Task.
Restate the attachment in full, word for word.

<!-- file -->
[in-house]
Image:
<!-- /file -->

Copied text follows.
[in-house]
Image: